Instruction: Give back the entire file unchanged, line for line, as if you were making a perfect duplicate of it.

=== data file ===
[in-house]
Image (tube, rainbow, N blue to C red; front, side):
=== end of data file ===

[in-house]
Image (tube, rainbow, N blue to C red; front, side):